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Voluntary Standards Cover the Spectrum: From Firefighter Safety to Software Quality

New York, Mar 18, 2003

In an effort to communicate the vital role that standards play in daily life, ANSI Online will publish, on an ongoing basis, a series of snapshots of the diverse standards initiatives undertaken in the global and national standards arena, many of which are performed by ANSI members and ANSI-accredited standards developers. Two of the latest selections follow:

Firefighter Rehabilitation

Even a common household fire can be fraught with danger for the men and women who work as firefighters. The National Fire Protection Association (NFPA), an ANSI member and accredited standards developer, is committed to producing and promoting consensus codes and standards, research, training and education. They work to prevent fires as well as to lessen the impact of fires when they do occur, which includes developing procedures that will keep firefighters safe and healthy.

NFPA recently produced ANSI/NFPA 1584-2003, Recommended Practice for a Fire Department Rehabilitation Program, which establishes guidelines for rehabilitating emergency responders at incident scenes and during training exercises. “All too often,” said Stephen Foley, a senior fire services safety specialist at NFPA, “we were seeing in fire service that they would work people until they were physically unable to work anymore,” which in the end makes injuries and fatalities even more likely. According the Foley, the new standard guides fire departments to develop programs that will provide protection to firefighters from environmental conditions, offer primary medical evaluation and treatment at an incident scene, ensure that responders are properly hydrated and grant the firefighters the proper rotation and rest time.

“A lot of fire departments were doing this non-formally in pieces,” said Foley. “This just sets down a more formal process that can be implemented into incident scene management systems. It’s another tool in the toolbox for fire departments to use to make the occupation of firefighting safer.”

Software Quality Assurance

With the use of computers continually increasing in almost every industry and walk of life, ensuring that the software guiding these machines is working properly is essential. The Institute of Electrical and Electronic Engineers, Inc. (IEEE), an ANSI member and accredited standards developer, has recently revised a standard that does just that—ANSI/IEEE 730-2002, Software Quality Assurance Plans. IEEE is an authority in technical areas ranging from computer engineering to consumer electronics, among others, and part of its role is to produce standards to guide the software industry.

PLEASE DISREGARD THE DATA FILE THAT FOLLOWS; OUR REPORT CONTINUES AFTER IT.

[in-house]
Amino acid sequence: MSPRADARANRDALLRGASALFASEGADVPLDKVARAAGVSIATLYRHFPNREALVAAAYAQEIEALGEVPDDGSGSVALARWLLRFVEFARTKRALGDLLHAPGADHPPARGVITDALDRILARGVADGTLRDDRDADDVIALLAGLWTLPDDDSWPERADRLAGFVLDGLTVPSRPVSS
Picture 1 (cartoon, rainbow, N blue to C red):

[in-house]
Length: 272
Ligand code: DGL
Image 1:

Robert Shillato, the chairman of the group that developed ANSI/IEEE 730-2002, says this standard provides a way for producers to ensure that all of the quality-related concerns in the development of software are being addressed. It also lays out the areas of the process that quality assurance experts will audit and what criteria they will use in their judgment. According to Shillato, however, his job is not done. “This [IEEE 730] is a product standard. The new effort will be to change it into a process standard,” in other words, a standard that gives software developers all the steps to complete to create quality assurance plans of their own.

This "standards snapshot" was made possible by the steady stream of press information disseminated by standards developing organizations to keep the ANSI Federation abreast of their achievements. As the Institute receives news of published voluntary standards and voluntary standards initiatives with broad appeal and impact, similar articles will be posted to the ANSI Online News page. Please continue to forward your updates to the Communications and Public Relations department at (f) 212.398.0023 or (e) For additional information on the wide array of standards applications, see the Media Tips and Case Studies section of the Institute's website.

ANSI Nanotechnology Standards Panel